There are two big issues with regard to postgraduate education. One is access, which several people have mentioned, and the other is financing. The Milburn report, which was called “Unleashing Aspiration”, addressed access and said that postgraduate qualifications

“have increasingly become an important route into many professional careers—in the law, creative industries, the Civil Service, management professions and others. But these courses are substantially more expensive than undergraduate degrees—often costing up to £12,000 per year—and there is no student support framework equivalent to the framework for undergraduate. New proposals need to be formulated to establish a clear, transparent and fair system of student financial support for postgraduate learners.”

That throws a real challenge out to the Government. If they are really serious about higher education contributing to social mobility, it should not stop at undergraduate level, and we need to look at postgraduate level.

While I am on my feet, I would not like to miss the opportunity to say that I am glad that the Milburn report did not think about widening access to higher education just in terms of getting some—a few—bright students from lower-income backgrounds into Oxford and Cambridge. It considered the wider issue of making higher education available across the piece to low-income students and, importantly, put the issue of postgraduate education on the agenda. I hope that the shadow Minister as well as the Minister will speak about that issue.

There is growing concern about access. I come from a low-income background and did several years of postgraduate study, but I am not sure whether that would be possible now for someone of my background. That is of concern to us. In researching the issue we could not find any study with up-to-date figures about the diversity or lack of it in postgraduate education, or about the current barriers, and we could not discover whether under-represented groups have been considered specifically. Perhaps the Minister would comment on that.

Before the Labour Government left office in March 2010 the Department for Business, Innovation and Skills put forward a series of recommendations on improving postgraduate education, in “One Step Beyond: Making the most of postgraduate education”. To be fair to the Minister, that report and its recommendations did not just fall off a precipice, which has happened in other contexts. They were brought back in the Government’s response to the postgraduate review, and the recommendations are almost identical. Obviously, those are excellent recommendations. One, for example, states:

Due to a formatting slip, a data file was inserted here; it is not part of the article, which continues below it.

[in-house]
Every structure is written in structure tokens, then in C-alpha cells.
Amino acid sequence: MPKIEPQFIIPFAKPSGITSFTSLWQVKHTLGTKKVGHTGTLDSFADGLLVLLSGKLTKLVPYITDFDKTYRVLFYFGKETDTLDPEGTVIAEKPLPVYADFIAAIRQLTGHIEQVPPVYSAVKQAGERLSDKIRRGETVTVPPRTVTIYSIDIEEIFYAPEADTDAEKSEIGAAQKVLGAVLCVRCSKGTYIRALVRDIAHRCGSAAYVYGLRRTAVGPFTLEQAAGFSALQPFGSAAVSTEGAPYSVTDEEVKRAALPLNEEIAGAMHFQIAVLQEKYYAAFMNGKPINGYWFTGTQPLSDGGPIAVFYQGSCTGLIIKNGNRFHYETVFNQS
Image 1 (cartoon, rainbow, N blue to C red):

“Universities UK and Research Councils UK should do more to identify and promote the economic and social value of postgraduate study.”

The response also states that attention needs to be given to funding. Some specific proposals are mentioned about getting research councils to work with other bodies

“to offer longer periods of postgraduate research”

so that perhaps students can earn income as well. I am sure that hon. Members will be pleased that I am not going to go through the list, as there is not time; but are those proposals being addressed? They seem to offer at least a partial way forward for improving access to higher education and the funding regime.

I also want to ask whether the Department has thought about what recent changes in undergraduate student finance and funding would mean for postgraduate education. The withdrawal of about 80% of teaching funding in England is affecting postgraduate courses, and possibly making them more expensive. In addition, students will finish undergraduate courses with a level of debt that may make them less likely to take up career development loans, in particular, or additional debt to undertake postgraduate study. The National Union of Students says that that is a real worry; in its view the average postgraduate taught fee will rise by about 24% by 2012-13. That could obviously add a disincentive.

My hon. Friend the Member for Sheffield Central also pointed out valuable work by the NUS in surveying current postgraduate students about their financial circumstances. It is worth repeating a few of the points that were made. The survey, carried out in October 2010, was a large one, and 60% said that accessibility of finance or funding was a major factor in deciding whether to undertake postgraduate study. That figure rose to 70% among respondents studying full-time. The 67% who were entirely self-funded were very concerned about debt, overdrafts and credit cards. Self-funded students were also more likely than funded students to consider leaving or suspending their studies, owing to financial concerns. I want to raise that with the Minister, because the more we rely on self-funding, the more students may drop out, as they are just unable to carry on with their studies and raise the necessary income. Fifty-two per cent. of those in receipt of financial support said that postgraduate study would not have been an option for them without it. From my experience I would also make that point.

There are two big challenges: access and funding. Addressing those issues is important, because, as hon. Members have said, not only is postgraduate education important for individuals and universities; it is essential for the country to invest in it, if we are to grow our way out of the economic crisis. If the Minister needs evidence for that he need only read the Centre for Cities report produced a few days ago. It made clear the link between growing a knowledge-based, higher-level-skilled economy and being able to ride out economic downturns. We need that to happen here: beyond the five cities that were identified in the report as potentially doing well, we need universities and research to be at the heart of economic regeneration. I look forward to hearing from the Minister how he will ensure that that happens.